Nesta: Serie A is 'going down'
Former AC Milan defender Alessandro Nesta has bemoaned the declining standard of the Serie A against Europe's other premier domestic competitions.
The World Cup winner played over 200 games for the red half of Milan, winning two domestic championships, a Coppa Italia, two EUFA Super Cups and two Champions League crowns.
Those success laden years followed on from his earlier career with Lazio where he first won the Serie A title, Coppa Italia, Super Cup and EUFA's Cup Winners' Cup.
But the 37-year-old, now playing in the MLS with the Montreal impact, believes the years of Italian teams dominating Europe are long over, the Serie A falling into disrepair as the world's best talent choose the Premier League, Spain's La Liga and the Bundesliga, home of treble winners Bayern Munich, to ply their trades.
"There's no money in Italy at the moment and the best players go to play in other leagues - Spain, England, Germany. Italy's going down," he told the BBC's World Football programme.
But despite the player drain on the league, including the rumoured departure of Napoli's Edinson Cavani, there is reason to hope, with club's able to attract big names to Italy, including Fiorentina's capture of Mario Gomez and Juventus signing Carlos Tevez.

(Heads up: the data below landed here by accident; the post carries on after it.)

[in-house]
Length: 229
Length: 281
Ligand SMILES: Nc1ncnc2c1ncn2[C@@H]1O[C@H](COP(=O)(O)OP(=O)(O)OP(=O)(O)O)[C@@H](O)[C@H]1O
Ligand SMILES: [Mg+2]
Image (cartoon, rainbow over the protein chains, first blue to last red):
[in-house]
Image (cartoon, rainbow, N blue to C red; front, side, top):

And despite surprising him, Nesta applauded his old foe Juventus for luring a player of Tevez's pedigree to Turin.
"It's a very good signing. A player like Tevez, I didn't think would play in Serie A now. Juventus did a good job," he said.
But it is not only the lack of star players affecting the league, with former Serie A coaches such as Carlo Ancelotti, now of Real Madrid, no longer taking charge of domestic clubs.
But Nesta believes it is Ancelotti's background at AC Milan that has allowed his former manager to thrive at clubs such as Chelsea, Paris Saint-Germain and, in his opinion, will do at Madrid.
"He is the best coach for Madrid," Nesta said. "Madrid is a difficult place to coach. There's a lot of pressure and Ancelotti is very good when he's under pressure.
"(At AC Milan, Silvio) Berlusconi and (Adriano) Galliani, all the time, wanted the best for the team. The pressure was very, very hard but Carlo Ancelotti, everyday, had a smile. He was perfect."